The Associated Press
Tuesday, February 25, 2003; 10:52 AM
Iraq has shown new signs of substantive cooperation in recent days, chief U.N. weapons inspector Hans Blix said Tuesday.
Iraq has sent U.N. inspectors half a dozen letters in the past few days and "there are some elements which are positive which need to be explored further," Blix told reporters before meeting his advisory College of Commissioners to discuss his upcoming report to the Security Council due by Saturday.
Blix has complained that Iraq was not providing substantive information about its weapons program. The issue is at the heart of the U.S. case that Saddam Hussein has failed to fully cooperate with inspectors and therefore the Security Council should authorize military action against Iraq.
Asked if there was any indication by the Iraqis of substantive cooperation, Blix replied "yes."
Blix said one letter from Iraq informed inspectors that "they have found an R-400 bomb containing liquid in a site which is known to us at which they did dispose of biological weapons before."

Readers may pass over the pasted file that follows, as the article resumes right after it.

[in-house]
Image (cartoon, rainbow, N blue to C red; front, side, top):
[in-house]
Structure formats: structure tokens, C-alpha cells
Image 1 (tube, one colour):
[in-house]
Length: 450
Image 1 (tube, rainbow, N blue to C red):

He gave no details, but R-400 aerial bombs can be filled with biological agents. Among the outstanding issues which Iraq has not answered is providing documentation about the filling of R-400 bombs with aflotoxin.
"There is another letter that tells us they have found some handwritten documents concerning the act of disposal of prohibited items in 1991," Blix said. "Now all these have to be followed up, but these are new elements."
Blix said he has received no reply from the Iraqi government to his order to start destroying its Al Samoud 2 missiles, their engines and components by Saturday for exceeding the 93-mile limit in U.N. resolutions.
Iraq says the missiles don't exceed the limit and has asked for technical talks.
But when Blix was asked whether the issue was open for debate, he said, "not between us and Iraq."
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